Apple has finally removed VLC for iOS from the AppStore after complaints from VLC developers and Free Software Foundation. The situation involves a conflict between the General Public License, which governs VLC and many other open-source programs, and App Store policies.
As many would agree, VLC is an amazing media player which plays almost any video format that you throw at it. In September last year, it was ported to iOS and made available in the AppStore. It was very well received – who wouldn’t want VLC on their iPad.
However, trouble started because of the licensing terms of the AppStore which was incompatible with GPL. The VLC developer and the FSF notified Apple of the licensing conflict and asked Apple to change the license or remove the app.
Unfortunately, this whole escapade is a direct result of one man’s (Rémi Denis-Courmont) misguided crusade… a man who, (perhaps) coincidentally, is an employee of Nokia, one of Apple’s competitors in the mobile space. Note the VideoLAN mission: “VideoLAN is a project and a non-profit organization, composed of volunteers, developing and promoting free multimedia solutions.”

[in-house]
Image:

The Nokia employee did not attempt to achieve an amicable solution, instead he went straight to getting VLC removed from the Apple App Store. 2 months later, on January 7, Apple finally removed VLC for iOS.
But that leaves us wondering — How is removing a FREE app conductive to VideoLAN’s mission of “promoting free multimedia solutions”? At any rate, great job Rémi! We’re sure your idealistic principles are far more important than the benefit that millions of people could have had from using the FREE VLC app on their iOS devices, but thanks for ruining it for everyone else.
However, those who have downloaded VLC on their iOS devices can continue to use it – it is just that it will not be available to new users and updates will not be available.